Instructors and students at MNTC team up to build new ramp for local family

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MOORE, Okla. - A welding class at the Moore Norman Technology Center worked together to help one local family after seeing their need for a new wheelchair ramp.

"I pulled up to the stop sign and there's a school bus parked in front of me," said substitute teacher Greg Culver.

Culver works at the Moore Norman Technology Center.

Every day he picks his grandkids up from school.

One day, he was stuck behind a school bus in his neighborhood for longer than usual.

"It was like sitting there forever and I was on the driver's side so I couldn't see what was going on. It took four or five minutes and finally I see them wheel a wheelchair up on the front porch," said Culver.

Culver said he didn't think too much about it and left.

The very next day, the same thing happened and he paid closer attention to the situation.

"I noticed they had two children then I didn't notice it last time. I stood there and I watched them for a long time and they really struggled to get up the ramp," he said. "It finally just kind of set in that 'hey these guys need some help.'"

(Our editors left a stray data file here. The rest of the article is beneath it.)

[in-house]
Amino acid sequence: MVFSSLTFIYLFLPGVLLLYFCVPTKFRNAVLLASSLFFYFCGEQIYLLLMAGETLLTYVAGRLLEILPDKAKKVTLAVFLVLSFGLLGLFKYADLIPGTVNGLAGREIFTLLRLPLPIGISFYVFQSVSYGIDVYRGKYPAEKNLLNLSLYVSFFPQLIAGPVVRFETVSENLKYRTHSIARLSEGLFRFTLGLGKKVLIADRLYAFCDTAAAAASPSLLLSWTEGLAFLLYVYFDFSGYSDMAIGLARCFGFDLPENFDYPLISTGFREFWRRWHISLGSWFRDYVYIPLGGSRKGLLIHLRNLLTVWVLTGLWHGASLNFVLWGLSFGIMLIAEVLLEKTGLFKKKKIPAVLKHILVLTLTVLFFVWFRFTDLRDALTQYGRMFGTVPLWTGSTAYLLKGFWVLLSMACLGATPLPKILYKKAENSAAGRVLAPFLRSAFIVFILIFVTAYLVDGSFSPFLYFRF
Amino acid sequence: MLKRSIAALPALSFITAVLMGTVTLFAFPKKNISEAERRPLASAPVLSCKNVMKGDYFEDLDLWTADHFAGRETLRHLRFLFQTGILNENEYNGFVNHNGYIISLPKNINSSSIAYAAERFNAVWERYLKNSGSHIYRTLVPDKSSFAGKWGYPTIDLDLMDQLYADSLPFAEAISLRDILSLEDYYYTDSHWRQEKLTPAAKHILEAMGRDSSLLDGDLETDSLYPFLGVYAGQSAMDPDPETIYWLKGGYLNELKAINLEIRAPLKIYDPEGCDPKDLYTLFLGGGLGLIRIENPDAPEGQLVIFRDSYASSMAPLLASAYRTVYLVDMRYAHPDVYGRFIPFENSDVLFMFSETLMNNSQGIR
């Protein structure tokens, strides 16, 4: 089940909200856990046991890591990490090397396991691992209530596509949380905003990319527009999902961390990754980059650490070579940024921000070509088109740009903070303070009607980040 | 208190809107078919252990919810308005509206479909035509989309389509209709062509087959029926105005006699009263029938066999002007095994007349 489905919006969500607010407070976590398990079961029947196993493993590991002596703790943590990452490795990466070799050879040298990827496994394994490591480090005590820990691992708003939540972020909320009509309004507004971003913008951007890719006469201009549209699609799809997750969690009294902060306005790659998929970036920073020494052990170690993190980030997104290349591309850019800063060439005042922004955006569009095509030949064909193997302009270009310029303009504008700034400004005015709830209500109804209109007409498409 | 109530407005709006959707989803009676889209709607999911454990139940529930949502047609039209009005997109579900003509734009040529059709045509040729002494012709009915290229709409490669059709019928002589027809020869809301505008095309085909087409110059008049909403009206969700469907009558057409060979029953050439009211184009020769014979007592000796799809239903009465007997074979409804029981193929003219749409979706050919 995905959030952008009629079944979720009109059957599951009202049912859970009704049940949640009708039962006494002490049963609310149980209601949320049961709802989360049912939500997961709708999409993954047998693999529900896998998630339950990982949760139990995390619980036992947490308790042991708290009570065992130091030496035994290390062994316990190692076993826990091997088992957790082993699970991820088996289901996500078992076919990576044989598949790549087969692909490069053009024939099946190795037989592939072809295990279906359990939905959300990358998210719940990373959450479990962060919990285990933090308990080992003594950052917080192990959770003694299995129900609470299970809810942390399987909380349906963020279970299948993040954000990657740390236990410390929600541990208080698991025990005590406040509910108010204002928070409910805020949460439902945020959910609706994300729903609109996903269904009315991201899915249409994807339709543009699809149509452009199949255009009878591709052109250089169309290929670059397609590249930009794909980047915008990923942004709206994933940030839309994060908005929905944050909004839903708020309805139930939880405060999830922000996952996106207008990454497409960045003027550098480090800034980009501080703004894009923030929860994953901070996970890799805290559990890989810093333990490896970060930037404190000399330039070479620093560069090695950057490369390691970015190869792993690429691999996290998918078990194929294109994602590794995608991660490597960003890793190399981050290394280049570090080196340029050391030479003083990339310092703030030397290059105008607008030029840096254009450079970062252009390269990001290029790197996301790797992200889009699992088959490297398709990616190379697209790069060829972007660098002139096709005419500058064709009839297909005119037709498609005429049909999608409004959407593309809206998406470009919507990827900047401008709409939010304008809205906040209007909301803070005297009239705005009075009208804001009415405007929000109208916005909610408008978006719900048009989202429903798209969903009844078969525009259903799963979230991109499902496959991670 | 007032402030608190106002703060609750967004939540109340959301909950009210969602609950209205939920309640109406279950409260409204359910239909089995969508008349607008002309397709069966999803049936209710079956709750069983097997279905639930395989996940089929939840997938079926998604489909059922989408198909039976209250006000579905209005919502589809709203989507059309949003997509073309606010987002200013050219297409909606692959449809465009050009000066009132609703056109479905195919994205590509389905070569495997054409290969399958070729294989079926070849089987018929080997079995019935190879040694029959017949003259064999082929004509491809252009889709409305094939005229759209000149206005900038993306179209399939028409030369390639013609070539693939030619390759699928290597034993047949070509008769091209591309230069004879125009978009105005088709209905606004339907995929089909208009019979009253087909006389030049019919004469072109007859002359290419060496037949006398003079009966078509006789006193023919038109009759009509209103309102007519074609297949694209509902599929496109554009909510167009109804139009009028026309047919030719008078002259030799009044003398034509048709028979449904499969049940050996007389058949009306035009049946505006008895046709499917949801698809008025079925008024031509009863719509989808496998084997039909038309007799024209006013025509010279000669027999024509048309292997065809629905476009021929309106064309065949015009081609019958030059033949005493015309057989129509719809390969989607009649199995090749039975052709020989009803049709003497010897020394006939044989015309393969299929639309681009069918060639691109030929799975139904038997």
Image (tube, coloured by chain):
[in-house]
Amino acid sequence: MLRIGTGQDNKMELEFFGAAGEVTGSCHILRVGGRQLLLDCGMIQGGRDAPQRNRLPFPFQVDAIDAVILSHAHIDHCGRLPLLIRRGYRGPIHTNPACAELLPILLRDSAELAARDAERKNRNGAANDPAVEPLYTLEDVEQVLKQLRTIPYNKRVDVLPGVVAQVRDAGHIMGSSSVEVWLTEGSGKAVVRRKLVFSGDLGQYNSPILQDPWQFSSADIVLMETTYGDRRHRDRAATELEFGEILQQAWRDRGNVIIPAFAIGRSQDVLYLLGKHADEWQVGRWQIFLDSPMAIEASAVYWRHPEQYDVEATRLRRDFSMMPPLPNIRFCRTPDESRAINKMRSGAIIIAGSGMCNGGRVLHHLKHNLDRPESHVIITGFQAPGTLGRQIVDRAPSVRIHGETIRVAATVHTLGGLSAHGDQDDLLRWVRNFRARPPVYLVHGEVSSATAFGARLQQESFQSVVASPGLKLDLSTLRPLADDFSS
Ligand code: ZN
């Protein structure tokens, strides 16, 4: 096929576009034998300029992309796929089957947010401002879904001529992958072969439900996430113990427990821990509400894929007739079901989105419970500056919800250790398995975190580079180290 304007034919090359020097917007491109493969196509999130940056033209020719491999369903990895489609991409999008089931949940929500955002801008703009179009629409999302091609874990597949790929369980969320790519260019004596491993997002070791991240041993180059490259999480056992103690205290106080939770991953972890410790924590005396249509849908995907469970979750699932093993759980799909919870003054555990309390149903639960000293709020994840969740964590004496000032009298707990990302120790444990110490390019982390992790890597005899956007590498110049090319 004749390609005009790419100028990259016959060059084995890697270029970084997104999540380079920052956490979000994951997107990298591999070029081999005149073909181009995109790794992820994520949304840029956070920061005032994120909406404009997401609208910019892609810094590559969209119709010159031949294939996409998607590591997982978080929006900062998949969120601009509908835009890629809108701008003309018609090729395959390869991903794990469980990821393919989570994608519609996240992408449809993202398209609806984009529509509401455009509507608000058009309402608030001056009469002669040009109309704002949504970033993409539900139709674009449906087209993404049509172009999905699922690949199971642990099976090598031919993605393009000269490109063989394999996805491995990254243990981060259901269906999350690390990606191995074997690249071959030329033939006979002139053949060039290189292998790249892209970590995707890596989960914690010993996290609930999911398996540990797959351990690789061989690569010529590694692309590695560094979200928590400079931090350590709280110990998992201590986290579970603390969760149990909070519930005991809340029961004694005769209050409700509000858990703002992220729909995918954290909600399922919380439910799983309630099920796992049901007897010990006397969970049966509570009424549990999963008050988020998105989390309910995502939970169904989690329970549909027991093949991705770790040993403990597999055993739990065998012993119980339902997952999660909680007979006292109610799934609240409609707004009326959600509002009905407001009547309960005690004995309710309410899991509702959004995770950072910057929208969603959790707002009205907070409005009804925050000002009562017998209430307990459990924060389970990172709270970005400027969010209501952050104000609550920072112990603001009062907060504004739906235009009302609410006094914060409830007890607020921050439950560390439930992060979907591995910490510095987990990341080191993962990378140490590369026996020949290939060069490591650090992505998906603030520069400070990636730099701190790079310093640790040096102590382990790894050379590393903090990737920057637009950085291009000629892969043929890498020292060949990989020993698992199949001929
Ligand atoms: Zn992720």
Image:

Culver says the decision to help was a no brainer.

He brought the idea to his welding class at the MNTC.

"As soon as he told me what it was going to be for... I was just- right on! That’s what we need to do. We need to have more influence in the community, more influence on our students, for these types of projects," said welding instructor Ryan Menefee.

Menefee says he handed the project over to two of his best students.

"It makes me feel good inside to help other people," said Brayden Hudson, Moor HS Senior.

"Anybody can go to the store and buy something like that, but whenever we actually made it... I think that`s whenever it makes it really special to us," said Hudon's classmate, Mason Smith.

Now one family's trip to the bus is a little bit smoother.

"Every other time I come through before I did the ramp the bus was right there. When I got the ramp done and came back through it was in a different time zone!" said Culver.

Both instructors say, although it wasn't their typical class day, the message shared here has a greater impact.

"Especially with a lot of things going on in the world, I don`t think it`s going to hurt anything to let them take the 10-15 minutes to do a project and show somebody else some compassion," said Menefee.

"We just care about people, and if someone needs some help we want to help them," added Culver.

The materials for the ramp were donated by the program.

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